We have to hand it to our prime minister. When he gets hold of a talking point, he holds firmly to it, regardless of other meaningful interpretations. Especially if it fits a preferred narrative.
In the aftermath of two horrendous killings of Canadian soldiers on Canadian soil, we cannot completely rule out the impact of radical Islamists and their teachings, and how they attract the disenfranchised toward radicalization. Yet, there has been a substantial amount of information to suggest that at the root of these actions by one man in St-Jean-sur-Richelieu and the other in Ottawa at the War Memorial was mental illness and social antipathy.
Harper has dismissed that information while emphasizing the two individuals’ apparent identification or fascination with the current anti-West Islamist influence that threatens stability in various parts of the world.
That Harper can hold to this narrative means he can move forward with anti-terror initiatives that had already been in the works.
For one, he can give more justification for Canada’s military involvement in the turmoil now taking place in Iraq and along the Syrian border, where the militant group Islamic State is taking hold. For another, it gives him ample ammunition to ramp up the plan to implement further police powers and spying on people living in Canada.
In the aftermath of the attacks in New York City and Washington, D.C. 13 years ago, the events we all remember as 9/11, the then Liberal government also reacted by implementing anti-terrorist security measures that in effect infringed on our civil liberties. Now the government under Harper wants to go even further.
The need for surveillance of individuals who are flirting with this new generation of terror merchandisers is real. There is enough evidence of young men born here in Canada who have found affinity with the messages being beamed through the Internet, and who have left this country to participate in their imagined heroic activism. Yet, systems are already in place to locate and identify such individuals.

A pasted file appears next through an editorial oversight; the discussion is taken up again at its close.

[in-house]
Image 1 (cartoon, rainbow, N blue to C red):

Harper’s plans to increase security, increase the power to search by police, and to have more power to delve into our private communications will eventually drag innocent citizens into problems of the government’s making and not of their own.
Under the current anti-terrorist, national security program, there have already been victims. Let us not forget Sudanese-Canadian, Abousfian Abdelrazik, of whom the Canadian Security Intelligence Service (CSIS) and the RCMP could find no account of terrorist activities, but who was refused the right to his Canadian passport to return to Canada by this government after visiting his mother in Sudan, where he was tortured. Their refusal came even after being ordered to reinstate his passport by the Federal Court in 2009, three years after he was first detained. The case of Canadian-born Omar Khadr, arrested as a child soldier, whose rights had been serially violated under this government’s watch is also on the record. Then there was Syrian-born Canadian citizen, Maher Arar, who was returned to Syria while travelling back to Canada from a vacation in Tunisia. Arar was tortured in Syria as a suspected member or associate of al-Qaeda. All the while the Canadian authorities looked the other way.
An inquiry into Canada’s post 9/11 security activities found serious human rights violations and now Harper wants to add more muscle to more security measures.
Sticking to labeling two deranged individuals as terrorists makes this initiative much easier. But it does not address the problem of why young men feel so disconnected from the values of this society that they would become coerced into associating with destructive forces. It does not look at the underfunding of mental health facilities and programs. It does not look at how well or how poorly police organizations are coordinating with mental health associations to help these individuals.
Implementing more laws that further clamp down on our civil liberties is the least effective way to go.